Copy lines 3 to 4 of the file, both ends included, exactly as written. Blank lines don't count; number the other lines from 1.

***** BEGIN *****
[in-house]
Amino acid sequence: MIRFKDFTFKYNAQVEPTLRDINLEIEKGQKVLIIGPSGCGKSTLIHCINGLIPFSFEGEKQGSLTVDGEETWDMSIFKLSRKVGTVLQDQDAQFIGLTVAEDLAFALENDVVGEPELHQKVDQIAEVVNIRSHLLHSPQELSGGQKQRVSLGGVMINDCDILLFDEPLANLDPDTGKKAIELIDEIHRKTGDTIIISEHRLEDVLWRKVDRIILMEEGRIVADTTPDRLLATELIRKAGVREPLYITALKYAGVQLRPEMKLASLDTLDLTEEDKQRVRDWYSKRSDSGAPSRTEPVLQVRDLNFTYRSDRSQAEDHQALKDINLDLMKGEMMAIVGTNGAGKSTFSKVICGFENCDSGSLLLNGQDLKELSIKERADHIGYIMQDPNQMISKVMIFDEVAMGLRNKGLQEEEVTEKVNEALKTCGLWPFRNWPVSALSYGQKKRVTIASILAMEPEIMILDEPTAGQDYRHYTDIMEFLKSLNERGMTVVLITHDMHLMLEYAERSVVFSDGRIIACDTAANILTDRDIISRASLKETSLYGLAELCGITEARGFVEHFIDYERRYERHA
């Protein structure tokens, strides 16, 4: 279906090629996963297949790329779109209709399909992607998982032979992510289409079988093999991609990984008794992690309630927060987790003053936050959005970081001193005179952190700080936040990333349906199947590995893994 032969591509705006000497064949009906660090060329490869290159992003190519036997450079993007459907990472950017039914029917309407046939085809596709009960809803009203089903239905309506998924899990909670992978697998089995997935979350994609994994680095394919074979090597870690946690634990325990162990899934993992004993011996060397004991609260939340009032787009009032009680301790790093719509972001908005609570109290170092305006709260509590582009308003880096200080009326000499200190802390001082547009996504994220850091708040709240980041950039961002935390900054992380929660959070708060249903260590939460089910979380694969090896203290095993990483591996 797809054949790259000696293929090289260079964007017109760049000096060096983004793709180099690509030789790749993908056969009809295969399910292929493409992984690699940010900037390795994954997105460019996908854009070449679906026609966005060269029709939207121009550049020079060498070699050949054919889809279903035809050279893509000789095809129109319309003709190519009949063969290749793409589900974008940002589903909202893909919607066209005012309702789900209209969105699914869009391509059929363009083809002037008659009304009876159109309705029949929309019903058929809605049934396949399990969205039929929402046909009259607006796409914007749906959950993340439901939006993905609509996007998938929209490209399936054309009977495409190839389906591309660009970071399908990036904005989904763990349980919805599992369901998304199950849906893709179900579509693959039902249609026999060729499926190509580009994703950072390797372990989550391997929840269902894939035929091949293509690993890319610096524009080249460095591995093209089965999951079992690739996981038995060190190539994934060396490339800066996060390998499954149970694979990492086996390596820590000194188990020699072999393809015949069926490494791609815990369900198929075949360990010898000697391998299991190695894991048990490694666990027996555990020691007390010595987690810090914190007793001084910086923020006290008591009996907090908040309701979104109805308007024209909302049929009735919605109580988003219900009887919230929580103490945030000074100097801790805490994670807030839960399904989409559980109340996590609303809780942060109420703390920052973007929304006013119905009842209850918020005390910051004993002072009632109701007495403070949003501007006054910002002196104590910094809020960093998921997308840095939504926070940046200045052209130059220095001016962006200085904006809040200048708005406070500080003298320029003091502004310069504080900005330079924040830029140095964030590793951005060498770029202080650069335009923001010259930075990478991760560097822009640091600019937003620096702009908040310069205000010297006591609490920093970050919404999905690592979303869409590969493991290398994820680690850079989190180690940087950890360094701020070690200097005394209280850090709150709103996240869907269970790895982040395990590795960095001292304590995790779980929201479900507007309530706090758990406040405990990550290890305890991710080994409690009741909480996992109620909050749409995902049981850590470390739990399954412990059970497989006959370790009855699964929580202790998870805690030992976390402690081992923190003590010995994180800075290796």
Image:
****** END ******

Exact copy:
């Protein structure tokens, strides 16, 4: 279906090629996963297949790329779109209709399909992607998982032979992510289409079988093999991609990984008794992690309630927060987790003053936050959005970081001193005179952190700080936040990333349906199947590995893994 032969591509705006000497064949009906660090060329490869290159992003190519036997450079993007459907990472950017039914029917309407046939085809596709009960809803009203089903239905309506998924899990909670992978697998089995997935979350994609994994680095394919074979090597870690946690634990325990162990899934993992004993011996060397004991609260939340009032787009009032009680301790790093719509972001908005609570109290170092305006709260509590582009308003880096200080009326000499200190802390001082547009996504994220850091708040709240980041950039961002935390900054992380929660959070708060249903260590939460089910979380694969090896203290095993990483591996 797809054949790259000696293929090289260079964007017109760049000096060096983004793709180099690509030789790749993908056969009809295969399910292929493409992984690699940010900037390795994954997105460019996908854009070449679906026609966005060269029709939207121009550049020079060498070699050949054919889809279903035809050279893509000789095809129109319309003709190519009949063969290749793409589900974008940002589903909202893909919607066209005012309702789900209209969105699914869009391509059929363009083809002037008659009304009876159109309705029949929309019903058929809605049934396949399990969205039929929402046909009259607006796409914007749906959950993340439901939006993905609509996007998938929209490209399936054309009977495409190839389906591309660009970071399908990036904005989904763990349980919805599992369901998304199950849906893709179900579509693959039902249609026999060729499926190509580009994703950072390797372990989550391997929840269902894939035929091949293509690993890319610096524009080249460095591995093209089965999951079992690739996981038995060190190539994934060396490339800066996060390998499954149970694979990492086996390596820590000194188990020699072999393809015949069926490494791609815990369900198929075949360990010898000697391998299991190695894991048990490694666990027996555990020691007390010595987690810090914190007793001084910086923020006290008591009996907090908040309701979104109805308007024209909302049929009735919605109580988003219900009887919230929580103490945030000074100097801790805490994670807030839960399904989409559980109340996590609303809780942060109420703390920052973007929304006013119905009842209850918020005390910051004993002072009632109701007495403070949003501007006054910002002196104590910094809020960093998921997308840095939504926070940046200045052209130059220095001016962006200085904006809040200048708005406070500080003298320029003091502004310069504080900005330079924040830029140095964030590793951005060498770029202080650069335009923001010259930075990478991760560097822009640091600019937003620096702009908040310069205000010297006591609490920093970050919404999905690592979303869409590969493991290398994820680690850079989190180690940087950890360094701020070690200097005394209280850090709150709103996240869907269970790895982040395990590795960095001292304590995790779980929201479900507007309530706090758990406040405990990550290890305890991710080994409690009741909480996992109620909050749409995902049981850590470390739990399954412990059970497989006959370790009855699964929580202790998870805690030992976390402690081992923190003590010995994180800075290796």
Image: